This study utilised a model that was designed with the objective of isolating the maternal-offspring separation and social reorganisation occurring at weaning time, in order to characterise the weaning response without the associated stress resulting from simultaneous housing and novel handling. Management factors that serve to increase the stress load on young animals result in decreased feed intake, partitioning of nutrients away from growth and immune dysfunction . If left unchecked, these management factors can result in chronic stress and suppression of the immune system . For this study, RT-qPCR analyses together with haematological profiles were examined to compare gene expression in blood leukocytes of weaned calves over a period of 7 days. To the authors' knowledge, this is the first study in which gene expression was measured in beef calves to assess immunocompetence following exposure to weaning stress.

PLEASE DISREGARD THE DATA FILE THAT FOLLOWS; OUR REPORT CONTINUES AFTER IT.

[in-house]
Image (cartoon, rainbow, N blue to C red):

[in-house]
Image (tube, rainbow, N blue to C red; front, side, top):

Total leukocyte number did not change throughout the study which may be due to the simultaneous fluxes in individual cell types that often occurs during the physiological process to maintain homeostasis . Lynch et al.  found increased leukocyte number in animals simultaneously housed and weaned, indicating that the failure to identify increased leukocyte number in the current study suggests a decreased stress load by separating housing and weaning into two distinct stages.